of industrial development of Africa which is nowadays the most important
source of raw materials. We are exporting raw materials;
our objective is to export from now on finalised industrial products.
That is, to transform our raw materials into something tangible.
This plan aids industrialisation of Africa that would allow the African countries
to produce whatever they want to trade in the framework of the free trade zone.
Furthermore, we could export at a later stage outside Africa.
We have another plan for the agricultural development of Africa. Africans should be able to feed Africans.
Nowadays 60% of fertile lands are not exploited are in Africa. So we must exploit all this potential
cultivatable land. We have a vision for Africa.
Consequently, the project of the free trade zone is accompanied by many other minor plans, it is not an isolated project,
but these would allow Africa to take a step forward towards
economic and social progress. Mr. President, you have mentioned
Agriculture which brings me to the issue of climate change,
since this has had enormous consequences. Africa and the Sahel are particularly concerned. So it’s a question that is very important for you.
What are your commitments for that? Well you see, the climate is a major concern for the African people, and broadly speaking
for the people of the world. I think that, more and more,
Citizens of the world are becoming more aware of that.
They are aware of the necessity to find solutions so that we can stop the
degradation of our planet, because we don’t have another planet.
We don’t have a second planet that we can migrate to. So, we must do our best
to defend our planet Earth. We in the Sahel can see the consequences
of climate change, the increase of temperature. Since the 60s, for instance,
the temperature in the Sahel has increased by two degrees. The objective set
by the international community after the Paris agreement
is to limit the increase of temperature in relation to the
Industrial era by two degrees until the end of the century
But we are already experiencing this two degrees increase in the Sahel.
So by the end of the century, we risk of reaching 4 to
5 degrees Celsius more. This will have a huge impact on agriculture of course. Because we don’t have regular rains
in the Sahel, and of course There is alteration between
Droughts and inundation which Is not good for agriculture.
There is also the erosion of lands taking place, as well as the continued desertification.
For instance, a country like Niger loses 100 thousand hectares of fertile land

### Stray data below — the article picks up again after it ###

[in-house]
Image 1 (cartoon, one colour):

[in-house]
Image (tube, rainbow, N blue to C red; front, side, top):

every year, land which is to be cultivated, which has an impact on
Agriculture and on Agricultural production,
and thus on provision of food. When it comes to the population, I can give
another example: that of the Chad Lake. The Chad lake has
a huge area of 25.000 km2 in the 60s, and these days it has reduced to 2.500 km2, it has lost 90% of its area.
This means less water, but also less agriculture Less fish, less livestock breeding
for the population who live off the Lake Chad. These people become
easy victims for terrorism and that is why we have undertaken initiatives to fight
these issues in the region of the Chad lake basin. So we see a correlation
between the climate change and poverty, Which has been showcased
through agriculture. There is another correlation, even if
It’s an indirect one, between climate change and terrorism. Mr. President, this is your first time participating at the Rhodes Forum,
what made you accept the invitation? And what are your impressions? First of all, I am very happy to be here at this forum. I have been following the forum for many years. I have friends who
have given me much information about the work done at the Dialogue of Civilizations
Research Institute, the objective of which is to invite people to talk to each other, continents to talk to each other, countries to talk to each other. We have a saying in our country that says:
“The home that does not speak, dies.” The world today is a home, a global village,
so the different countries Become neighbourhoods in the same village We have to talk to each other and I believe
That the institute plays an extremely important role in that.
That is to come together and seek common values,
common civilisations, to bring people together, and that is why I was deeply touched
by this objective. The objective is very noble. That is why I said yes to the invitation
addressed to me, to participate in this forum, And I was not wrong.
Here I have met people of big values. I have met people of big vision,
who are quite ambitious for the world, for the people of the world, without
any distinction, without bias. This is admirable, and I believe that
this is the future, this is how to prepare humanity, to prepare
a more humane world, a more just world. This is our dream,
and this dream is shared by the Dialogue of Civilizations Research Institute. Mr. President, I thank you again for your presence at this Forum,
and for your time for this interview. Thank you Madam.